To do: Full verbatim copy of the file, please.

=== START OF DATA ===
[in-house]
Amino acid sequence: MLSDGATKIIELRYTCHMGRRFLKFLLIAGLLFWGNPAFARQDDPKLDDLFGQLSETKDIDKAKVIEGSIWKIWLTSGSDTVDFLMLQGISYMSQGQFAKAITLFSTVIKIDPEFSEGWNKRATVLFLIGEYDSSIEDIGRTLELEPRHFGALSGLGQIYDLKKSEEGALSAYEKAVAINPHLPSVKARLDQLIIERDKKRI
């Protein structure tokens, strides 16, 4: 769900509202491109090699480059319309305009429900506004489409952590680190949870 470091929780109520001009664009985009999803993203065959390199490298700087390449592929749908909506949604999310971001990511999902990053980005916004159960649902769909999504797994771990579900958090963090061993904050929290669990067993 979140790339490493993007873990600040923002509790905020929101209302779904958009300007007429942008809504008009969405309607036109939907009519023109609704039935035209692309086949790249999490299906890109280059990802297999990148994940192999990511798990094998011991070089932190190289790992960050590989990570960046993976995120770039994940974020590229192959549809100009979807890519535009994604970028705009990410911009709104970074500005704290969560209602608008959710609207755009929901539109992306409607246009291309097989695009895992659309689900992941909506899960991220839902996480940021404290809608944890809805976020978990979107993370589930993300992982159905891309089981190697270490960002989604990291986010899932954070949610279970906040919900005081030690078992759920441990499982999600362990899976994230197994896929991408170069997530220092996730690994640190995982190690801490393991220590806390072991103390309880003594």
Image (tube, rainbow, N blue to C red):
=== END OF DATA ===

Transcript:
[in-house]
Amino acid sequence: MLSDGATKIIELRYTCHMGRRFLKFLLIAGLLFWGNPAFARQDDPKLDDLFGQLSETKDIDKAKVIEGSIWKIWLTSGSDTVDFLMLQGISYMSQGQFAKAITLFSTVIKIDPEFSEGWNKRATVLFLIGEYDSSIEDIGRTLELEPRHFGALSGLGQIYDLKKSEEGALSAYEKAVAINPHLPSVKARLDQLIIERDKKRI
């Protein structure tokens, strides 16, 4: 769900509202491109090699480059319309305009429900506004489409952590680190949870 470091929780109520001009664009985009999803993203065959390199490298700087390449592929749908909506949604999310971001990511999902990053980005916004159960649902769909999504797994771990579900958090963090061993904050929290669990067993 979140790339490493993007873990600040923002509790905020929101209302779904958009300007007429942008809504008009969405309607036109939907009519023109609704039935035209692309086949790249999490299906890109280059990802297999990148994940192999990511798990094998011991070089932190190289790992960050590989990570960046993976995120770039994940974020590229192959549809100009979807890519535009994604970028705009990410911009709104970074500005704290969560209602608008959710609207755009929901539109992306409607246009291309097989695009895992659309689900992941909506899960991220839902996480940021404290809608944890809805976020978990979107993370589930993300992982159905891309089981190697270490960002989604990291986010899932954070949610279970906040919900005081030690078992759920441990499982999600362990899976994230197994896929991408170069997530220092996730690994640190995982190690801490393991220590806390072991103390309880003594």
Image (tube, rainbow, N blue to C red):